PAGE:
The frequency of heat waves has increased dramatically over the past 40 years, and the trend appears to be growing faster in urban areas than in less-populated areas around the world, a new study suggests.

“Our findings suggest that urban areas are experiencing a kind of double whammy — a combination of general climatic warming combined with the heat island effect, wherein human activities and the built environment trap heat, preventing cities from cooling down as fast as rural areas,” said Dennis Lettenmaier, a co-author of the study and a UCLA geography professor. “Everything’s warming up, but the effect is amplified in urban areas.”

Lettenmaier and his co-authors studied 217 urban areas across the globe and found that prolonged periods of extreme heat increased significantly in 48 percent of them between 1973 and 2012.

The results, which were published today in the journal Environmental Research Letters, show that about only 2 percent of those urban areas experienced a significant decline in heat waves. And the change was more dramatic at night: Almost two-thirds of the urban areas showed significant increases in the frequency of extremely hot nights.

“The fact that the trend was so much stronger at night underscores the role of the heat island effect in urban areas,” Lettenmaier said. “You have heat being stored in buildings and in asphalt, concrete and other building materials, and they don’t cool down as quickly as they would outside of the urban area. This effect was likely exacerbated by decreasing wind in most of the urban areas.”

The study is one of the first to focus solely on the extent of extreme weather in urban areas globally and to examine disparities between densely populated and less-densely populated areas.

Lettenmaier collaborated with researchers at the Indian Institute of Technology Gandhinagar, Northeastern University and the University of Washington. The team obtained daily observations for rain, air temperature and wind speed from the National Oceanic and Atmospheric Administration. The researchers identified about 650 urban areas with populations greater than 250,000 and then refined the list to the 217 locales based on the areas’ proximity to weather stations with complete weather records and NOAA data — most were located at airports close to urban areas. Although the researchers would have liked to have more data for urban areas in Africa, Lettenmaier said the report provides as close as possible to a representative sample of changing weather conditions in the world’s cities.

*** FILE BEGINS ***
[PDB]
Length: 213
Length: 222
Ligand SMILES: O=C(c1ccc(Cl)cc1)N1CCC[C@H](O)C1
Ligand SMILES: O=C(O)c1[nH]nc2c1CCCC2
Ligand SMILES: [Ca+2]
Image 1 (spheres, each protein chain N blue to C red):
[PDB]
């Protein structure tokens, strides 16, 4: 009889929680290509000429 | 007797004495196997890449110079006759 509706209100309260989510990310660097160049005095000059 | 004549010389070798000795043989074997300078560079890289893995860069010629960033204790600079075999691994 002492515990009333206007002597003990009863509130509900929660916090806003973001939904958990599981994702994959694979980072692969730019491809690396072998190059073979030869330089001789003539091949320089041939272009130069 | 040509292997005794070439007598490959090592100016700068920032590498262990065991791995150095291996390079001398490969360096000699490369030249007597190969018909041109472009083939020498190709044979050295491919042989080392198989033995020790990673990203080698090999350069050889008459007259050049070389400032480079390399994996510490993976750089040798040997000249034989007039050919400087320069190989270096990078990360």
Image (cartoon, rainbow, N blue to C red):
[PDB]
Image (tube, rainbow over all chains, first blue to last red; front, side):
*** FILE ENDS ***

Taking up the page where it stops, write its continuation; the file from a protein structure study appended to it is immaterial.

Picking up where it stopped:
For each of the locales in the study, the researchers identified extremes for temperature, precipitation and wind, calculated heat and cold waves, and pinpointed individual extremely hot days and nights.

The study defined heat waves as periods in which the daily maximum temperature was hotter than 99 percent of days for the four-decade period and in which those temperatures were sustained for a consecutive period of six or more days. (The median length of heat waves was eight days.) It found that the average number of heat waves per year increased by over 50 percent during the period.

Of the five years with the largest number of heat waves, four were the most recent years for which data was available: 2009, 2010, 2011 and 2012. Urban areas in South America experienced the greatest increase in frequency of heat waves, followed in order by those in Africa, Europe, India and North America.

Researchers also found other striking examples of climate change within urban settings. Sixty percent experienced a significant decline in extreme windy days, 17 percent experienced a significant increase in daily precipitation extremes, and 10 percent experienced a significant increase in maximum annual precipitation.

“Urban areas make up a relatively small part of the global land area, but over half the world’s populations now live in them, so the trend is troublesome,” said lead author Vimal Mishra, an assistant professor of civil engineering at IIT Gandhinagar. “The combination of higher temperatures and lower wind in particular is not a good combination for human health and well-being. This should concern everyone.”

The increase in precipitation could damage cities’ infrastructure, which could also mean large economic losses, Mishra said.

Using a separate data set of 142 pairs of urban and non-urban areas, the researchers found that the frequency of heat waves grew 56 percent more quickly in urban settings than in surrounding areas that were less populated. Urban areas experienced 60 percent fewer extremely windy days than non-urban areas.

“In urban areas, buildings are disrupting the air flow, which affects not only the immediate area of buildings, but apparently the larger regional wind fields,” Lettenmaier said. “The reduction in wind may well be exacerbating the heat island effect.”